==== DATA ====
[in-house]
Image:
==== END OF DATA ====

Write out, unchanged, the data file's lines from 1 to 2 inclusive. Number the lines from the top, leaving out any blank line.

[in-house]
Image: